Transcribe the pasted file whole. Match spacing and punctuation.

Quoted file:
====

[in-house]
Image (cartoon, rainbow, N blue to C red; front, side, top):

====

[in-house]
Image (cartoon, rainbow, N blue to C red; front, side, top):